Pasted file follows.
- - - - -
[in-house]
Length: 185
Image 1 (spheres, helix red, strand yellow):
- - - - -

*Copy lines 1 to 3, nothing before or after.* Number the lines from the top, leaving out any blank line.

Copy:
[in-house]
Length: 185
Image 1 (spheres, helix red, strand yellow):